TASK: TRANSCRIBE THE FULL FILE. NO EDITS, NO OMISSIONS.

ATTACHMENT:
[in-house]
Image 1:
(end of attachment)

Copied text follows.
[in-house]
Image 1: